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MongoDB recently announced the latest version 4.0 of the popular NoSQL database.
Undoubtedly, the major feature of this announcement is the support for multi-document ACID transactions. Taking a big step towards converging with relational database products, MongoDB supports the concept of session which database operations can reference and use the supporting methods start_transaction() and commit_transaction() to wrap multiple database commands into a single MongoDB transaction.
MongoDB’s transactions follow the well known ACID model. Atomicity makes sure that the set of commands that belong to a transaction will either be fully completed or not at all. There will never be any leftover or partial data. Consistency refers to the property that the database will always be transitioning from one valid state to the next valid state, never being left in an invalid state. Isolation guarantees that multiple transactions can execute at the same time, without any one of them being able to view partial results of the others. Executing multiple transactions at the same time has the same end result as executing them sequentially. Durability guarantees that a transaction that has committed will remain persistent, even in the case of a system failure.
MongoDB’s multi document transactions are only available for servers using the WiredTiger storage engine and currently restricted to a single replica set, with support for sharded clusters coming up in version 4.2.
Multi document transactions come with some limitations such as not being able to affect the database catalog (i.e. affect or list indexes and collections) and not being able to issue commands that fall outside the CRUD and information listing space.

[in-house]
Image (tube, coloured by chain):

These transactions can only use readPreference primary and readConcern snapshot, local or majority. Read preference inside a transaction overrides any read preference set in collection, database and client level.
Query cursors are isolated in a transaction, meaning for example that a getMore operation inside a transaction can only be used inside and then an outside one, only outside of the transaction. MongoDB has published an extensive list of commands limitations and support regarding transactions.
Version 4.0 of MongoDB introduces type conversions between double, string, objectId, boolean, date, integer, long and decimal types using the aggregation pipeline. This allows for enhanced data transformation in-database and less reliance on ETL processes.
Also announced in beta, the MongoDB Enterprise Kubernetes Operator which allows deploying MongoDB in a Kubernetes cluster while leveraging the capabilities of MongoDB Ops Manager. Developers can either download the new version or try it online using the MongoDB Atlas service.